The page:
You have several options if you want to know how well -- or not -- an operating system is doing. One option is to use usage tracking companies and their data.
Firms like Netmarketshare release stats every month publicly that are based on hundreds of millions of user interactions.
While that is useful to a degree, it lacks precision. This becomes apparent when you compare stats put out by different companies.
While you could calculate the average, or pick the source you trust the most, it is clear that this is not exact science but an approximate value of the operating system's market share.
Microsoft publishes its own statistics, and they paint a very different picture than most usage tracking services.
If you open the Windows Trends page on the Microsoft developer site, you will notice the following values for June 2016:
Microsoft's data is based on telemetry data that Windows devices report to the company.Microsoft counts active installations only furthermore; this should end the argument that the company counts licenses or any re-installation of Windows 10, or downgrades of Windows 10 systems in its stats.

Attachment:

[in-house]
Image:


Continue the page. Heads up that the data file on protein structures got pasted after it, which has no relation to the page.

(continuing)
This is different to how companies like Netmarketshare track usage, as they track usage by monitoring connections to websites.
Still, 39% is quite high and comes close to Steam's value of 44%. It is interesting to note that Microsoft reports the same 44% if you switch to gamers only.
While I have no explanation for the numbers, some observations need to be made:
First, Microsoft does not include XP or Vista, or other operating systems that are not Windows in its stats. If you would throw out those on third-party services, Windows 10's usage share would be higher as well. This does not explain the full difference though.
It is furthermore unclear how many users opted out of sending telemetry data. Windows 10 ships without options to opt-out completely for instance (Enterprise editions can, the rest cannot), which may contribute as well.
If you sort the stats by region, you may get even higher figures for Windows 10. The stats for the US show 50%, those for the UK 51%, and for Western Europe 48%.
The information at the top reads September 2016, but the latest month listed is June 2016.
Now You: What's your take on those stats?Advertisement
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Ghacks is a technology news blog that was founded in 2005 by Martin Brinkmann. It has since then become one of the most popular tech news sites on the Internet with five authors and regular contributions from freelance writers.